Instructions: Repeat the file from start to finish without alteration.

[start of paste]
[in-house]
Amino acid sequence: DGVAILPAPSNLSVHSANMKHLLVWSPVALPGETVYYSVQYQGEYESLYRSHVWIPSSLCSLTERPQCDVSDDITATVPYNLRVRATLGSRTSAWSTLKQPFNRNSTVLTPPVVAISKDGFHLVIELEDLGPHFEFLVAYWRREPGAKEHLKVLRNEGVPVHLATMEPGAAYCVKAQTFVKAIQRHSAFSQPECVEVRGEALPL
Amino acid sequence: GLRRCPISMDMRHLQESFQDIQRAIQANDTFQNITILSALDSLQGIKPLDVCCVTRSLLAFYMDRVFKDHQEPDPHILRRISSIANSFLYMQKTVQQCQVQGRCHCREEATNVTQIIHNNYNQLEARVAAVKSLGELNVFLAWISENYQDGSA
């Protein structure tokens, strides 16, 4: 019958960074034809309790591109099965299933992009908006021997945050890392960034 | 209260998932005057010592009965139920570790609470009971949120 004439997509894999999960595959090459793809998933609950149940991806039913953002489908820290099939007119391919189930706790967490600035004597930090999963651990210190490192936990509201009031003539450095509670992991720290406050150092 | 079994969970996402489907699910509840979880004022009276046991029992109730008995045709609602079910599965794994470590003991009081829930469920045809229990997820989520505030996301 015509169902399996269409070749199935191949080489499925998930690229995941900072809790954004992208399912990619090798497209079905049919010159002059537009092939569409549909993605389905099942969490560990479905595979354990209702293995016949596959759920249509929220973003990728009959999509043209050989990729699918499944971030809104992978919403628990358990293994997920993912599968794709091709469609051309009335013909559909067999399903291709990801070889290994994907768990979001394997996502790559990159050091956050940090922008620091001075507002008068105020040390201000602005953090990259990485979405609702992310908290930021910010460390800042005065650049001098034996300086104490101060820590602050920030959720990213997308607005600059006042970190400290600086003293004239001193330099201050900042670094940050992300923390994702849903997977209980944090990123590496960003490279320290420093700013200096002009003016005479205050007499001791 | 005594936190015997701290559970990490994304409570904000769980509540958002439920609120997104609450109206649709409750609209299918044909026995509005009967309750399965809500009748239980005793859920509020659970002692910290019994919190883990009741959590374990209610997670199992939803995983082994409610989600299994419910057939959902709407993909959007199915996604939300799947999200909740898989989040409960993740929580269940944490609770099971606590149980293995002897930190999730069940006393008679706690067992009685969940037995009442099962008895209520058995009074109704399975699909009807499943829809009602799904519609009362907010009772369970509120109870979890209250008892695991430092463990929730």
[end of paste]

[in-house]
Amino acid sequence: DGVAILPAPSNLSVHSANMKHLLVWSPVALPGETVYYSVQYQGEYESLYRSHVWIPSSLCSLTERPQCDVSDDITATVPYNLRVRATLGSRTSAWSTLKQPFNRNSTVLTPPVVAISKDGFHLVIELEDLGPHFEFLVAYWRREPGAKEHLKVLRNEGVPVHLATMEPGAAYCVKAQTFVKAIQRHSAFSQPECVEVRGEALPL
Amino acid sequence: GLRRCPISMDMRHLQESFQDIQRAIQANDTFQNITILSALDSLQGIKPLDVCCVTRSLLAFYMDRVFKDHQEPDPHILRRISSIANSFLYMQKTVQQCQVQGRCHCREEATNVTQIIHNNYNQLEARVAAVKSLGELNVFLAWISENYQDGSA
């Protein structure tokens, strides 16, 4: 019958960074034809309790591109099965299933992009908006021997945050890392960034 | 209260998932005057010592009965139920570790609470009971949120 004439997509894999999960595959090459793809998933609950149940991806039913953002489908820290099939007119391919189930706790967490600035004597930090999963651990210190490192936990509201009031003539450095509670992991720290406050150092 | 079994969970996402489907699910509840979880004022009276046991029992109730008995045709609602079910599965794994470590003991009081829930469920045809229990997820989520505030996301 015509169902399996269409070749199935191949080489499925998930690229995941900072809790954004992208399912990619090798497209079905049919010159002059537009092939569409549909993605389905099942969490560990479905595979354990209702293995016949596959759920249509929220973003990728009959999509043209050989990729699918499944971030809104992978919403628990358990293994997920993912599968794709091709469609051309009335013909559909067999399903291709990801070889290994994907768990979001394997996502790559990159050091956050940090922008620091001075507002008068105020040390201000602005953090990259990485979405609702992310908290930021910010460390800042005065650049001098034996300086104490101060820590602050920030959720990213997308607005600059006042970190400290600086003293004239001193330099201050900042670094940050992300923390994702849903997977209980944090990123590496960003490279320290420093700013200096002009003016005479205050007499001791 | 005594936190015997701290559970990490994304409570904000769980509540958002439920609120997104609450109206649709409750609209299918044909026995509005009967309750399965809500009748239980005793859920509020659970002692910290019994919190883990009741959590374990209610997670199992939803995983082994409610989600299994419910057939959902709407993909959007199915996604939300799947999200909740898989989040409960993740929580269940944490609770099971606590149980293995002897930190999730069940006393008679706690067992009685969940037995009442099962008895209520058995009074109704399975699909009807499943829809009602799904519609009362907010009772369970509120109870979890209250008892695991430092463990929730």